And, once I'd thought of it, the world-sized wall seemed like the best adventure playground ever for getting my characters into all sorts of s àcrapes. Interestingly, Adam Roberts has just used the giant wall concept in his novel On, though in an entirely different way - I'm obviously not the only one fascinated by the idea.

DL: I’m always fascinated with Fantasy that has mythic themes. Do you use themes from mythology in your books?

GE: Actually I plunder mythology in a pretty shameless way. I tend to cherry-pick the things I like and ignore the things I don't. So in the dragon books I have faeries and giants and basilisks (which kill by a glance but bear no physical resemblance to the mythological cockatrice). And in the Stone books I have everything from Russian tree spirits to part-evolved Viking gods.

Myths speak to us in such powerful ways. These are the oldest stories of all. They inform us about human evolution in a way 'real history' can't - in truth the two can't be separated. I once worked on a heritage projec Qt where I was trying to weave together Scottish history and myth. One of the trustees was adamant we should dispense with the mythology altogether and include only what she called 'the real stories'. I nearly resorted to physical violence.

DL: A writer friend of mine said that all Fantasy authors eventually attempt an Authurian novel. Since you live in the country where the King Arthur legend was born, do you have any plans for an Arthurian story? Does the legend influence any of your writing?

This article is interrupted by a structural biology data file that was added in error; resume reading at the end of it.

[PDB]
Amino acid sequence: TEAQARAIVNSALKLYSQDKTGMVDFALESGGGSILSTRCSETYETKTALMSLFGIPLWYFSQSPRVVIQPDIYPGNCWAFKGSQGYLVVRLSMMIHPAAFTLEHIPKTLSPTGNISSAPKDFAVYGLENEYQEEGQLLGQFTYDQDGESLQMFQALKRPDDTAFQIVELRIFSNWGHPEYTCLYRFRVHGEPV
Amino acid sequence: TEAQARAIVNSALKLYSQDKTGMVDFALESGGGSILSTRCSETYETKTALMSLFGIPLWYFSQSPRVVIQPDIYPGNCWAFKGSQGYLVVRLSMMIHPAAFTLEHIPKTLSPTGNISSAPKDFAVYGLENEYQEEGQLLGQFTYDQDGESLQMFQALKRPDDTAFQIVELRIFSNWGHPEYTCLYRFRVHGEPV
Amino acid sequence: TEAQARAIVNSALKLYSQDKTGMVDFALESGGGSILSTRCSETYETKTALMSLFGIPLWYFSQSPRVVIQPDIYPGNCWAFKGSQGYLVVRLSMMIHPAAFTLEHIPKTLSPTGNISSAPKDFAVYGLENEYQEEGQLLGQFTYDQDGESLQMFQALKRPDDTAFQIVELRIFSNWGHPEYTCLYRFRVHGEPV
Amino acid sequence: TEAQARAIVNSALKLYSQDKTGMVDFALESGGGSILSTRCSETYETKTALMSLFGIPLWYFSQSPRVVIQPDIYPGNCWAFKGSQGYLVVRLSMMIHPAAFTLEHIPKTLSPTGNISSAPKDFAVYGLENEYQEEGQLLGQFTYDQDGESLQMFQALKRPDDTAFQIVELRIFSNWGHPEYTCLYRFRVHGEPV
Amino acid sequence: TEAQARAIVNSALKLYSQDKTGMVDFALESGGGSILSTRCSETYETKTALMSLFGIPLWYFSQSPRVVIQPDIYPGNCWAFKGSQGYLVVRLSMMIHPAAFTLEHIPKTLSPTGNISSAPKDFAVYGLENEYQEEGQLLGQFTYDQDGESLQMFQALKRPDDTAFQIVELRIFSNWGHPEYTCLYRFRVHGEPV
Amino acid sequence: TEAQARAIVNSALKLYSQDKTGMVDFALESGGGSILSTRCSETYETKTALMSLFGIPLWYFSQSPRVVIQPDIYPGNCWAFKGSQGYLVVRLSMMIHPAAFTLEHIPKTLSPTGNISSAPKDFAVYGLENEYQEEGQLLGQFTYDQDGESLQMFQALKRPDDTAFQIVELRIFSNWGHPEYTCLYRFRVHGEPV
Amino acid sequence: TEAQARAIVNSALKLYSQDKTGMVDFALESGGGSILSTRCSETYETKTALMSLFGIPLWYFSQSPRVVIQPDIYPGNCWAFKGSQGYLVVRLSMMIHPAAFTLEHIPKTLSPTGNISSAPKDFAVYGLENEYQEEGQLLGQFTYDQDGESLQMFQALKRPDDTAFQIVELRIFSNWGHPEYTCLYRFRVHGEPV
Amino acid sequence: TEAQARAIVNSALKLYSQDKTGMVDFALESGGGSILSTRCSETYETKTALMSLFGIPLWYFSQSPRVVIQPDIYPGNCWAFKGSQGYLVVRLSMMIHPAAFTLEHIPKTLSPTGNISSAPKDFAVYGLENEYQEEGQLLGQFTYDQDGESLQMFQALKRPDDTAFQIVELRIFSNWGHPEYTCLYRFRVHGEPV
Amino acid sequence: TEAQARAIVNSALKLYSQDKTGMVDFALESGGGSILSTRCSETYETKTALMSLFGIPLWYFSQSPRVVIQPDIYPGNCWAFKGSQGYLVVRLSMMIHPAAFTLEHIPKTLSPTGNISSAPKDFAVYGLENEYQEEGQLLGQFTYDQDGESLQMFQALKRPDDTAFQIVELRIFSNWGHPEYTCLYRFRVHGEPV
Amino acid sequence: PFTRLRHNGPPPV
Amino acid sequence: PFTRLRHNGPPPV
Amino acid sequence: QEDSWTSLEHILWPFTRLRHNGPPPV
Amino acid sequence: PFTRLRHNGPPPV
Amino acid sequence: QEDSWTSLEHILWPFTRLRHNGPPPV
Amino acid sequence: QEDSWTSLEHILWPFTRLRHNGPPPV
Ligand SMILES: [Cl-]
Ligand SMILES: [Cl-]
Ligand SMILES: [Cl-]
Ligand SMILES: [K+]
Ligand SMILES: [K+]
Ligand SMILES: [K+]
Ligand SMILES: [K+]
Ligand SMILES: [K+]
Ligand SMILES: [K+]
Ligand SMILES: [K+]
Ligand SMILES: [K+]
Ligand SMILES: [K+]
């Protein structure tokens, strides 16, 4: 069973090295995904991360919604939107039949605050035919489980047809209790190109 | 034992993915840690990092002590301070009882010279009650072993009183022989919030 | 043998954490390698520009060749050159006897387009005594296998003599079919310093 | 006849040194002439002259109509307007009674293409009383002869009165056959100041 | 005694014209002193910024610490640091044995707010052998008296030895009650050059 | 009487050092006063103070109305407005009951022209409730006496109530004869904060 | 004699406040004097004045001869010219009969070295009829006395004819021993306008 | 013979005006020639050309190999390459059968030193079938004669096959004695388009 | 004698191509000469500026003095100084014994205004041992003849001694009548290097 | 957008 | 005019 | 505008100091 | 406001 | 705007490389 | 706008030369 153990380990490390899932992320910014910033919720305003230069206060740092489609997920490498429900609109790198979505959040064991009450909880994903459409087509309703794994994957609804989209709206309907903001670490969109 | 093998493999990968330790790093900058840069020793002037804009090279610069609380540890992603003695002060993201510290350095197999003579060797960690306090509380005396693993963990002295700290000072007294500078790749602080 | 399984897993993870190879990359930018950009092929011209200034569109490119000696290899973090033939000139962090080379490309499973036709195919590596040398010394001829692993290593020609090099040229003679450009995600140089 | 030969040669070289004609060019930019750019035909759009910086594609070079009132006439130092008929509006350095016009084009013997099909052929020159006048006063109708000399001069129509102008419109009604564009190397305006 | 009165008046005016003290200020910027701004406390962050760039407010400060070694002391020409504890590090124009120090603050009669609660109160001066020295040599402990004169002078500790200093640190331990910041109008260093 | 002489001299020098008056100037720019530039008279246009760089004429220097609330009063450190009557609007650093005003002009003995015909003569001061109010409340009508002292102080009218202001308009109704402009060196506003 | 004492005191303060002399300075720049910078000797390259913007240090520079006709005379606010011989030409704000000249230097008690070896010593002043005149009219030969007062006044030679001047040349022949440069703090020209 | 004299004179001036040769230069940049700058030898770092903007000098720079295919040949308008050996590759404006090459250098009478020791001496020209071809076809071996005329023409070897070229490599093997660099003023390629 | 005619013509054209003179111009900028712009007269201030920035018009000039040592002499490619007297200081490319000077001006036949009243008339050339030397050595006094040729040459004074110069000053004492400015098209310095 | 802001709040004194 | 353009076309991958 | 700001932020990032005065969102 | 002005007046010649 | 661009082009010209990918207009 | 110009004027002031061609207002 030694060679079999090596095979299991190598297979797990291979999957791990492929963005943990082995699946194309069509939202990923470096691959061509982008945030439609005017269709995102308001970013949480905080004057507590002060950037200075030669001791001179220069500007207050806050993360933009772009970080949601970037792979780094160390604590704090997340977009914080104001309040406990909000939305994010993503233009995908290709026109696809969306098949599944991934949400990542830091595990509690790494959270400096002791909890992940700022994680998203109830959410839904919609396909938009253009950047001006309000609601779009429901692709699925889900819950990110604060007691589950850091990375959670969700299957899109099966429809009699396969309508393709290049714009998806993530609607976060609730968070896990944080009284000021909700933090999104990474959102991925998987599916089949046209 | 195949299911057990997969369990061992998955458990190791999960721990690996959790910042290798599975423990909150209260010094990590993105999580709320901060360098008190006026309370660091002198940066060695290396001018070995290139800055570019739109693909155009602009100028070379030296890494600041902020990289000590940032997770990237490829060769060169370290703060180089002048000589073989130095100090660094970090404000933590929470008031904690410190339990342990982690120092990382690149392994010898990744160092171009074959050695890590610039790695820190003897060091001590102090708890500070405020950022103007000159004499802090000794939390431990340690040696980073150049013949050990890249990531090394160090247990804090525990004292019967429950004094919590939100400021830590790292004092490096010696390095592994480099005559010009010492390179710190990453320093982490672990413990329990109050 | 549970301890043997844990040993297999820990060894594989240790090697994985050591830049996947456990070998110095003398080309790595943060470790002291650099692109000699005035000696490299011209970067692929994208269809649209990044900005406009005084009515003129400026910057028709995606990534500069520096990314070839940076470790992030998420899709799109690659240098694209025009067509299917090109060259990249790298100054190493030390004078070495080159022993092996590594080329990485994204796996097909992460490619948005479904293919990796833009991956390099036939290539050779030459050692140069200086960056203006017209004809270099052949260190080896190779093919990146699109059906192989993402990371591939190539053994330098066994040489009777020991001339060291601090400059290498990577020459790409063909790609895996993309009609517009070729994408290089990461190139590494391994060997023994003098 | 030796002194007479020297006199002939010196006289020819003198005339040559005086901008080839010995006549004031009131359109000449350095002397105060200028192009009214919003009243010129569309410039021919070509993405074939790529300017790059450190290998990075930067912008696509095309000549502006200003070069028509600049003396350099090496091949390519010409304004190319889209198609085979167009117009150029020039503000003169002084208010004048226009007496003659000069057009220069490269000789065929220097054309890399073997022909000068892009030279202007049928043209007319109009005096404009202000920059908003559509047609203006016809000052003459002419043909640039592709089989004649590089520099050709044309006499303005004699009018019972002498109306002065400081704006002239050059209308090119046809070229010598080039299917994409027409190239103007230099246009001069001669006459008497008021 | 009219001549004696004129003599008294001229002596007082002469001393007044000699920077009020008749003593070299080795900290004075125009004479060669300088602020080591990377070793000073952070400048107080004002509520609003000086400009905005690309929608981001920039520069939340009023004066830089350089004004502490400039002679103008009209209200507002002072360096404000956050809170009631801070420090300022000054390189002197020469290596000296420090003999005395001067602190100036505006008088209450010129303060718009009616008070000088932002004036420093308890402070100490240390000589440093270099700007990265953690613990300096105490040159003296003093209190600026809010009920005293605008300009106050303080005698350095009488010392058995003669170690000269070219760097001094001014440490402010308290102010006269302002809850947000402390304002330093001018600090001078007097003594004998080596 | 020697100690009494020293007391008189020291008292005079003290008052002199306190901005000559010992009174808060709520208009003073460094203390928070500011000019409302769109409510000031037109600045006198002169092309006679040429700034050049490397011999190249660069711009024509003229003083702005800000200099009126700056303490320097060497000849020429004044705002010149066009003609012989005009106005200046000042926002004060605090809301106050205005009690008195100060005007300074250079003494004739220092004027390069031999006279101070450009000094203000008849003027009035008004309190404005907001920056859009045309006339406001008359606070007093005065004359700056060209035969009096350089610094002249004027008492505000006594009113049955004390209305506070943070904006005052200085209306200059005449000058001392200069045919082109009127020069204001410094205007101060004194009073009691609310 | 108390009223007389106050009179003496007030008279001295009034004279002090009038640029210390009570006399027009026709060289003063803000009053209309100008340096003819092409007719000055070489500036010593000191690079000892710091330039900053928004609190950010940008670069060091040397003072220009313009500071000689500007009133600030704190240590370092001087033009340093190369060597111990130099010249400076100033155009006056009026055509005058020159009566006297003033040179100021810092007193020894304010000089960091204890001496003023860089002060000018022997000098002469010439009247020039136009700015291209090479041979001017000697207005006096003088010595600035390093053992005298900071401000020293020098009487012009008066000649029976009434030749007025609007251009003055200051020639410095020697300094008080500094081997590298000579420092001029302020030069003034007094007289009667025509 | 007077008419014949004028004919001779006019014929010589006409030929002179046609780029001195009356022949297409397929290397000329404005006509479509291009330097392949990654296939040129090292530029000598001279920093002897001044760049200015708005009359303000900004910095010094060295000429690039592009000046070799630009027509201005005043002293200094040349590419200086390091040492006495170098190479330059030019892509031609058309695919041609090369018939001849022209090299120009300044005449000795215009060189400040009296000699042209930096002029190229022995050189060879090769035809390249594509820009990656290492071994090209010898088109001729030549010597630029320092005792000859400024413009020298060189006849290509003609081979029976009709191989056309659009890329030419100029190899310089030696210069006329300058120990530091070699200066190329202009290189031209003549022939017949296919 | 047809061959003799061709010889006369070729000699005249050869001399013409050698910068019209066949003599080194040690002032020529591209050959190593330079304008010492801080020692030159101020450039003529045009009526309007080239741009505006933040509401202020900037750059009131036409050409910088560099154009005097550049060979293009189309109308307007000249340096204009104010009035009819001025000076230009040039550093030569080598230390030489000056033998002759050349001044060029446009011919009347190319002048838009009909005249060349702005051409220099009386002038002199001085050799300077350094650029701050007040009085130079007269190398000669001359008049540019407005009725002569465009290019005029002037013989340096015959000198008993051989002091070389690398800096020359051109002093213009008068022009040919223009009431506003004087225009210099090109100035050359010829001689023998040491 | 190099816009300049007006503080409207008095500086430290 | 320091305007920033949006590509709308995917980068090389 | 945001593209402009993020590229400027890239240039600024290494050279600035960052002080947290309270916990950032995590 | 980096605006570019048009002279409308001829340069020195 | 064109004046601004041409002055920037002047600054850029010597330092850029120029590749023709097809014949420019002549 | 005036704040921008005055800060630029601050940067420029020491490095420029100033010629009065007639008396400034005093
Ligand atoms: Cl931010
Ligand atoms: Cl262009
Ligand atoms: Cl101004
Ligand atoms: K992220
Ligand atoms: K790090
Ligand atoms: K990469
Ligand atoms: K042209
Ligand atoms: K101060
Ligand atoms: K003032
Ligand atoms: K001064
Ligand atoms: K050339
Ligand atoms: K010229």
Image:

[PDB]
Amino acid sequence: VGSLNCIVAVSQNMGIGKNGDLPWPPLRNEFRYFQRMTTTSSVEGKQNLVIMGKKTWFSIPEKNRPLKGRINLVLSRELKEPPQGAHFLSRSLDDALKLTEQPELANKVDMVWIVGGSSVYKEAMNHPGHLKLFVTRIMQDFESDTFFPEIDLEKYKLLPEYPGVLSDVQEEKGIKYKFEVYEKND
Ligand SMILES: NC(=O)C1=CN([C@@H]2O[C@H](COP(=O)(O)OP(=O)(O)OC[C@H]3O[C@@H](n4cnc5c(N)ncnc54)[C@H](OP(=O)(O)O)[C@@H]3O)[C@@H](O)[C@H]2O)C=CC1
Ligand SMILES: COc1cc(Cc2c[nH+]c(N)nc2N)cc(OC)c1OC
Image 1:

GE: The Arthur legend does speak strongly to an Englishman born within spitting distance o ıf Glastonbury Tor. There are echoes of Tristan and Isolde in 'Stone and Sea'. As for an Arthur book per se, I think I'll leave that to the people who do it far better than I ever would. Although I do have this idea about what the Green Knight got up to before he bumped into Sir Gawain ...

DL: What themes or modern day issues do you include in your works that you want to share with readers?

GE: I don't really think in terms of 'themes', just stories. The former must grow out of the latter. Some people have commented that Dragoncharm is 'about' racial prejudice, with its war between charmed and natural dragons and the redeeming message that 'we are all just dragons'. Sure, the issues are there, but they just came along as I wrote the book Û. I'm happy when these things find their way in, because fantasy - in fact all fiction - is at its strongest when it's throwing a new light on the world we live in. But I never set out to make a point - I'm just here to tell stories.

But I do love to make connections with the modern day, or at least with the world we know. Stone and Sun, as well as dragons and magic, has stuff about the 1950's US A-bomb test programme (oh all right, it's not that modern ...). And the dragon books are consciously set in a world that is recognisably ours, even down to specific locations like Meteor Crater and Iceland. I like to have a perceptible thread connecting our world to the fantasy worlds I concoct. Anything else is cheating.

DL: What books or sto ries are in your future?

GE: I took a long deep breath after completing the Stone trilogy. I've got a couple of half-finished novels knocking about, which may eventually see the light of day. But right now I'm working hard to get a new manuscript completed by the end of the year. I hate categories but I guess it might be called a dark fantasy. And there aren't any dragons in it. I'll be posting more details on the website when it's ready to roll.

DL: Do you have any advice for aspiring writers?

GE: The art of writing is the art of applying the seat of the pants to the seat of the chair. (I can't claim that as my own and I can't remember who said it. But it's the truest thing I know).

DL: Thank you very much for your time.

For more information visit the Graham Edwards Website at